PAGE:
the reflective learning information video transcript

Presented by Vancouer Community College – Baking and Pastry Arts Department

What is reflective learning?

In short, it’s a practice that helps you become an active learner.

Many of us have been passive learners.

Passive learning goes a bit like this:

We read textbooks, we follow everything our instructor or teacher tells us (sometimes we tune out), we write exams and then… we forget what we learned.

It’s common and though not everybody goes through this, historically, it happens more often than not.

Does it sound familiar to you? Do you know anyone who goes through this kind of learning?

Active learning, on the other hand, goes more like this: We engage in conversations with our classmates and teachers. We do so as part of a community. We ask questions. We figure out answers. We contribute and learn and teach each other.

And ultimately, we engage with ourselves. (and seldom tune out as a result)

Oxford Dictionary defines reflection as “as serious thought or consideration… an idea about something, especially one that is written down and expressed”.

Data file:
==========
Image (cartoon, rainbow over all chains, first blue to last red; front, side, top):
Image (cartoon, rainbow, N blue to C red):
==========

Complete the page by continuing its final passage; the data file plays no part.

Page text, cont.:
Donald Schon, an influential thinker in developing the theory and practice of reflective learning, defines reflective learning as “the capacity to reflect on action so as to engage in a process of continuous learning”. He further introduces the concept of “reflection-in-action” and “reflection-on-action”.

“Reflection-in-action” refers to the idea that at any given moment, when faced with an issue, you can “think on your feet” to resolve the issue.

“Reflection-on-action” however, refers to you trying to make sense of the experience after it had occurred.

To learn deeply, we need to do both or else the experience just comes and goes (just like passive learning)

In short, through reflection, we challenge our assumptions, ask new questions, make sense of our experience and in the process, put what we’ve learned into deeper memory… as active learners.

The reflective learning information video

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